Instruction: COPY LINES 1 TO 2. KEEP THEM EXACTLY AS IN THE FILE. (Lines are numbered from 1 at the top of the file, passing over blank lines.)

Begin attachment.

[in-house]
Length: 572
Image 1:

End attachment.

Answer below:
[in-house]
Length: 572